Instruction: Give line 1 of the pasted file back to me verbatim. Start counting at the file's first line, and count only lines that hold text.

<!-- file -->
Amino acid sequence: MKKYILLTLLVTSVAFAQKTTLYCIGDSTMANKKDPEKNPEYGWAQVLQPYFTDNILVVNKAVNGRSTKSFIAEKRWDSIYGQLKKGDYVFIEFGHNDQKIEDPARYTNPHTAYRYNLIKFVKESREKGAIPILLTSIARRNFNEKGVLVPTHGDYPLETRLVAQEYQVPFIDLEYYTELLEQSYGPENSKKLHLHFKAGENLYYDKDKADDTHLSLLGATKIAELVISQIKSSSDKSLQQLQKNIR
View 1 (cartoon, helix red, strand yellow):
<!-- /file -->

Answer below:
Amino acid sequence: MKKYILLTLLVTSVAFAQKTTLYCIGDSTMANKKDPEKNPEYGWAQVLQPYFTDNILVVNKAVNGRSTKSFIAEKRWDSIYGQLKKGDYVFIEFGHNDQKIEDPARYTNPHTAYRYNLIKFVKESREKGAIPILLTSIARRNFNEKGVLVPTHGDYPLETRLVAQEYQVPFIDLEYYTELLEQSYGPENSKKLHLHFKAGENLYYDKDKADDTHLSLLGATKIAELVISQIKSSSDKSLQQLQKNIR